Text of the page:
Marijuana growers challenge city in court


By Conrad Dudderar
Senior Staff Writer

A company seeking to open a commercial marijuana growing business in Yukon city limits has filed a civil action challenging the City of Yukon.

4-Eyed Buds LLC, and its owners Tamara Crenshaw and Tracy Crenshaw, are seeking a declaratory judgment in a petition filed Sept. 17 in Canadian County District Court.

The plaintiffs own a 25-acre property at 2880 N Mustang Road and “intend to become a licensed commercial medical marijuana cultivation operation in the City of Yukon,” according to the petition.

The City of Yukon – however – disallows growing, processing and wholesale medical marijuana businesses.

The Yukon City Council, in February 2019, adopted ordinance 1385 with the specific stated intent to prohibit growing medical marijuana inside Yukon city limits.

“Commercial marijuana growing facilities are not allowed within the municipal boundaries of the City of Yukon, Oklahoma,” according to the ordinance.


4-Eyed Buds LLC and the Crenshaws claim the Yukon City Council’s actions were “not consistent” with the Constitution or Oklahoma state statutes:

“The actions of the Yukon City Council exceeded its lawful authority in prohibiting the growing of medical marijuana,” according to the suit.

Through their attorneys, 4-Eyed Buds LLC and the Crenshaws have asked a Canadian County judge to declare Yukon’s ordinance 1385 -prohibiting commercial marijuana growth within Yukon’s municipal boundaries – unlawful and void.

The Yukon City Council enacted ordinance 1385 after State Question 788 was passed in June 2018, legalizing medical marijuana in Oklahoma. SQ 788 was approved by a 57% majority of voters.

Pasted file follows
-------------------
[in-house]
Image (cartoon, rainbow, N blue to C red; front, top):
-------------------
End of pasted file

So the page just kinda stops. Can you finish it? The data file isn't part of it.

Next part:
The ballot title states, “A yes vote legalizes the licensed use, sale and growth of marijuana in Oklahoma for medicinal purposes.”

City of Yukon ordinance also has restricted where medical marijuana dispensaries can be inside the city limits.

“The actions of the Yukon City Council after the adoption of SQ 788 by a vote of the people was explicitly directed in an effort to deny licenses and the right to conduct legal activities authorized by statute,” according to the plaintiffs’ petition.

The plaintiffs – represented by the Oklahoma City law firm Smith & Klubeck, PLLC – noted a “local option” was not provided for in the state question or statutes.

Yukon City Attorney Gary Miller said the City’s ordinance “has been tested in the courts already.”

“The courts have found that the ordinance was appropriate, and the City was correct,” Miller said.

The case has been assigned to Canadian County District Judge Jack McCurdy.